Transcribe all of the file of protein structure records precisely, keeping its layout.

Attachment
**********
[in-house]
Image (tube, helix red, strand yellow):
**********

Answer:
[in-house]
Image (tube, helix red, strand yellow):